Currently, I see two alternatives for serious APS-C mirrorless systems: E-mount and X-mount. The new Sony α6600 with its in-body stabilisation is a good argument for an E-mount APS-C system. But Fujifilm offers a better selection of lenses for the X-mount. I completed the list with this X-mount setup:

BTW: Together with the Z50 Nikon introduced a new type of battery - I think they really like designing new batteries. Fujifilm is less creative here: the X-mount bodies all share the same type of battery!

Will I miss a lens? Yes! The PC-E Nikkor 85mm f/2.8 and the Samyang fisheye 12mm f/2.8

I woke up from my dream. Too bad, the fairy had disappeared! My F-mount gear was still there.

What I liked about the dream was that I had to think in a completely different direction than I normally do. In reality, with all my F-mount equipment in stock, the Nikon Z system has a special position, although the system has not convinced me yet.

These six nikkor lenses of mine do not work with autofocus on the FTZ adapter:
35 f/2D, 35-70 f/2.8D, 28-70 f3.5-f4.5, 80-200 f/2.8D, 70-210 f/4, 180 f/2.8.

When Nikon announced the Z system, I intended to buy a Z6 with the F-mount adapter. That would have been a mirrorless F-mount camera for me. This didn't work out at first, because the F-to-Z "FTZ" adapter is only moderately compatible. The main problem are older AF-Nikkor lenses with a screwdriver AF. I still have some of them in use. With the FTZ adapter they can only be used with manual focusing, which is not acceptable for me!

What can I do? There are two options:

  1. Buying newer AF-S F-mount lenses as a replacement for my older AF lenses. Invest a considerable amount of money in a potentially dying system? In certain cases this can make sense. But in general, it is not a clever idea!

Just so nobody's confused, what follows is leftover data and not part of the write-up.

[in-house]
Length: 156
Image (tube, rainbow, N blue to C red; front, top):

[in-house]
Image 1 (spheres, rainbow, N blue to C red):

2. Buying Z-mount lenses as a replacement. A "ZTF" adapter is technically impossible. Thus, such a step means to start changing the system. My F-mount bodies would become obsolete and so on. Moreover, Nikon's Z lenses are not only better than their F-mount counterparts, they are more expensive, too. The amount of money needed for this alternative is higher! Should I invest in a system whose future is still uncertain in my eyes?

For my Greenland trip in 2017 I rented a Nikkor 70-200mm f/2.8E. This lens has an impressive optical performance. Especially at 200mm it is clearly better than my good old 80-200mm f/2.8D. But I don't love the ergonomics of the 2.8E, see my article about it. In 2017 I decided to keep the 2.8D.

For my next trip I need a lens with a top-notch performance at 200mm, especially wide open and at shorter distances (where my 2.8D has serious problems due to a hefty focus shift and spherical abberations). So, again I am thinking about the 2.8E, especially since the price has dropped significantly over the last 3 years! Rental costs have not fallen to the same extent. So I think, currently, buying is the better alternative.

The Fujinon 50-140mm f/2.8 is a nice lens, too! It is a few hundred grams lighter than the Nikkor. On the other hand, the Nikkor is one stop faster (because it is a full-frame lens). While the current prices for both lenses are about the same in Germany, the Nikkor is about 50% more expensive for rent. But in order to use the Fujinon, I would definitely need an X-mount body in addition.

Overall I tend to buy the Nikkor 2.8E. This in turn would reduce my compatibility problem of the FTZ adapter a bit! Thus, I might try a Z-mount body as an F-mount mirrorless camera in the future.

For the time being, I will observe the situation calmly. I assume that the prices for both, new and used F-mount equipment will decrease. Long live the F-mount!

What Nikon should realise: currently, the Z-mount system is of interest mainly for F-mount users. Without F-mount gear I would not invest in Z-mount equipment. Of course, Nikon is about to expand their lens portfolio for making the Z system more attractive for non-Nikon users. But it will be a few more years before Nikon can compete with Sony or Fuji here. That makes it all the more important to serve the F-mount users! Hey Nikon: how about an additional, extended FTZ adapter with screwdriver-AF support and an AI coupling?